Bob Arum believed the rematch between Tyson Fury and Deontay Wilder would be a raging commercial success with the co-promotion of ESPN and Fox networks and yield upward of 2 million pay per view purchases.

The final tally after Fury’s one sided beating of Wilder yielded 800,000 PPV buys.

Mark Taffet, formerly the senior vice president of sports operations and PPV and essentially the creator of the PPV model for boxing in 1991, believes that number could perhaps reach 1.5 million PPV buys once the heavyweights get back into the ring on a date tentatively penciled for Oct. 3.

Taffet pointed to the promotion of the fight leading up to the sequel, and the total number of viewers who have watched the replays since to what he believes should translate into more success down the line.

“They can potentially double the numbers the next time they fight,” Taffet, who’s currently the manager of Claressa Shields, told in an interview. “I think the expectations by many people was that the fight would perform better, yet, it was another great reminder about the importance of the sport being available broadly … Giving PPV projections works against negotiations. When you raise the stakes and set the bar too high with the media, you set yourself up for failure for not meeting expectations, even though you do extremely well.”

Taffet preceded over 190 HBO PPV events that generated 65 million buys and $3.6 billion in pay-per-view revenue in 25 years at HBO.

During his heyday, he would check the temperature of a PPV by phoning his two brothers and gauging their interest.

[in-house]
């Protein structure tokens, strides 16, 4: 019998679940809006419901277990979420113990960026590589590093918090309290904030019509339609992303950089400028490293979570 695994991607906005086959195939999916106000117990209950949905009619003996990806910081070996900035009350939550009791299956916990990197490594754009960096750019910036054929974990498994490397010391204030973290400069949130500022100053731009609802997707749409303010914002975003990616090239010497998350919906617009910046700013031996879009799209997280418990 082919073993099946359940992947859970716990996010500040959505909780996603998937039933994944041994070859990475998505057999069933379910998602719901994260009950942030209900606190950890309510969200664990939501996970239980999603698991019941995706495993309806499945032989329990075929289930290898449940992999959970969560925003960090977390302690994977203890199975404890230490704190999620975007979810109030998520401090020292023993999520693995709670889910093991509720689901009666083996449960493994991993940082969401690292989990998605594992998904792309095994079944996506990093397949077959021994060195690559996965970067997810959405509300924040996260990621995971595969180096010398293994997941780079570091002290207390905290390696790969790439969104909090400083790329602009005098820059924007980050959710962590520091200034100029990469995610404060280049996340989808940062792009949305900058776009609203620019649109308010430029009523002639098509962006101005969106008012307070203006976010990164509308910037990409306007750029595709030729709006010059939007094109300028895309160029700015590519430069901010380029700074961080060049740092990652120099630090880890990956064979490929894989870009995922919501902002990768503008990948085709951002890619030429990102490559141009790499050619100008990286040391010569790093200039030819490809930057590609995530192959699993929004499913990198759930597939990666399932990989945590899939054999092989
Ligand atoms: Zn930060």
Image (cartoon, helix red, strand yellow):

“I would ask them, are you watching the fight Saturday.’ If they said, ‘yes’ I knew we had 1.5 million buys. If they said ‘no’ I knew we would struggle,” said Taffet. “When I asked them about Wilder-Fury 2, they said ‘no’ even though they were two great fighters and characters. They generate a lot of interest and publicity, but they haven’t yet connected in larger environments that every person talks about them.”

Taffet doesn’t think coronavirus, and fans being tighter with their money, will stop them from paying for a product they find value in.

“You have to let the fighters build, and then expose them. Their last fight was a great one, and it ended up being seen by large audiences, even on a delayed basis,” said Taffet. “People think PPV is easy until they do it. 20/20 hindsight proves how difficult it is to convince people that they should stay home and spend good money that they work hard to watch a boxing match.”

Manouk Akopyan is a sports journalist and member of the Boxing Writers Assn. of America since 2011. He has written for the likes of the LA Times, Guardian, USA Today, Philadelphia Inquirer, Men’s Health and and currently does TV commentary for combat sports programming that airs on Fox Sports and hosts his own radio show in Los Angeles. He can be reached on Twitter, Instagram, LinkedIn and YouTube at @ManoukAkopyan or via email at manouk[dot]akopyan[at]